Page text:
Mortgage deferrals hammer Aussie banks

Westpac yesterday released its third quarter results, with the company announcing that it would not pay a dividend due to “significant uncertainty” and “increased provisions for bad debts” as “many mortgage and business customers continue to require assistance”.

Included in its disclosures is the below slide showing that 78,000 customers had deferred $30 billion worth of mortgages as at 31 July:

Looking at the breakdown reveals that just over one-third of mortgage deferrers are property investors, with 22% interest-only. Moreover, the overwhelming majority (80%) are less than three months ahead on their repayments:

NSW and VIC, whose property markets have been hardest hit by the COVID-19 downturn, also account for 70% of mortgages deferred.

Finally, Westpac revealed that mortgage delinquencies have risen significantly:

Westpac’s sour prognosis follows NAB’s disclosure last week that 86,000 mortgages have been deferred totalling some $35 billion:

This comprised:

  • ~30% of mortgage deferral customers have no redraw / offsets available.
  • ~70% of mortgage deferral customers are <3 months ahead on repayments.
  • NSW accounts for 40% of mortgage deferrals versus 32% for VIC
  • 44% of deferrals are investors

The CBA, by comparison, last week reported 135,000 deferred mortgages, of which 16,200 (12%) are at “higher risk” of defaulting.

As we know, the Australian economy is operating in an artificial bubble of emergency income support (i.e. JobKeeper and the JobSeeker supplement), alongside mortgage repayment holidays.

From October, this emergency income support will be lowered as followed:

  • JobKeeper reduced from $1500 to $1200 from October ($750 part-time); and
  • JobSeeker reduced from $1100 to $815 from October.

The Grattan Institute estimates that this tapering will reduce income support from $18 billion a month (10.7% of monthly GDP) to $3 billion a month (1.9% of GDP) for the six months beyond:

Thus, struggling mortgage borrowers will come under increasing financial pressure, potentially leading to a tsunami of mortgage delinquencies and/or forced sales.

The risk is obviously greatest for the large pool of negatively geared landlords in Sydney and Melbourne suffering both falling prices and rents.

So, after being the prime beneficiaries of Australia’s 30-year long mortgage credit boom, Australia’s banks are about to cop it in the neck as it unwinds abruptly.

Leith van Onselen
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Comments

  1. What about LMI? CBA said last week >95% of mortgages over 80% lvr have LMI. Assume WBC similar. So forced sales yes but maybe banks are ok?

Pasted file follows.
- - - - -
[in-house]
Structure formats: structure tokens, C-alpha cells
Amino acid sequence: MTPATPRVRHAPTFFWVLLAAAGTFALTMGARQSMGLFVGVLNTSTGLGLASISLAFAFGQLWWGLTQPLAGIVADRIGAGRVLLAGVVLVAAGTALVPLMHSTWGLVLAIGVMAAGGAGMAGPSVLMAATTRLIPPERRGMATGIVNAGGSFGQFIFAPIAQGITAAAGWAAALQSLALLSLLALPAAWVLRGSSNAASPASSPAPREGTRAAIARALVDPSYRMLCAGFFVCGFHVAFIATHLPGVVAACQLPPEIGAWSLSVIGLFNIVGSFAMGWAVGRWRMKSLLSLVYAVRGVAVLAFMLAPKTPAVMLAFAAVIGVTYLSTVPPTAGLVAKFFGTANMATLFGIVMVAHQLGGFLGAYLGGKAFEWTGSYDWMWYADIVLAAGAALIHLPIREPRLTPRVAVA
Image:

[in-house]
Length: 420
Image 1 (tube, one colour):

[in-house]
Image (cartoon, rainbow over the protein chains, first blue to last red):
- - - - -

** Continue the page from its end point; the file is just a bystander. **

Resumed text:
2. NEW ZEALAND …

    … Easy money and bad business go hand in hand … why be surprised ? …

    … as the Irish too learned the hard way in 2007 …

    ‘Staggering’ number of households behind on their mortgages … Rob Stock … Stuff NZ

    https://www.stuff.co.nz/business/money/122480540/staggering-number-of-households-behind-on-their-mortgages

    Thousands of households have missed payments on their mortgages, but haven’t yet been brought into the home loan “holiday” scheme.

    To help households cope with the economic impacts of Covid-19, the Reserve Bank and the big retail banks agreed on a mortgage deferral scheme to allow struggling households to make lower payments on their home loans, or postpone making payments at all.

    Borrowers making repayments on around 83,500 home loans have now used the mortgage deferral scheme. It has been extended and will now run until March 31, Finance Minister Grant Robertson confirmed on Monday. … read more via hyperlink above …

  3. Sunlord BCNMEMBER

    Let’s just look at employment prospects

    Forget the fact we are in the worst depression ever, way worse than 30s
    On top understand the structural shift to cloud & online (just look at NASDAQ), AI, Robotics over next several years

    Unemployment will 30 to 40% and growing…..

    You can’t stop nature, you can delay that’s it

    Honestly I don’t even read the articles now, I just read comments, I’m sorry these banks won’t be around as they are now in 12 months

    I’d say there will be a trigger an external shock that pushes them over but even if I’m wrong on that, banking along with property is now in a multi year decline

    The decline of the old world

    Banks won’t be around in 5 years it’ll be private lending peer to peer or some new model the smart ones will come up with

    • Yes I can see what you are saying now

      Everything commercial will become IT’d productivity skyrocket and structural unemployment does too

    • pfh007.comMEMBER

      Hopefully it will be a combination of

      1. A democratic central bank balance sheet..E.g. MyRBA

      2. Plenty of private monetary systems to keep the public ones on their toes

      3. Plenty of non bank lenders including things like P2P

      But getting there will be traumatic as the banks will fight every step of the way.

  4. MountainGuinMEMBER

    Just realised that Aussie banking exec probably learnt risk management at Australian universities….. base your business on one client type and expect help when things fall over

  5. 30 and 90 day delinquencies were up 51% and 69% respectively, yet amazingly repossessions decreased 37%.

    Following that….the amount of reported repossessions is 36% of what it should be, by the numbers.

    Methinks some companies are holding out on sharing the full truth, and the smoothing continues until the next quarter.

    • I think they are just “extending” – those numbers are tiny anyway like 349 properties in total. Just PR whilst the ‘Rona is in full swing. They will start taking possession eventually.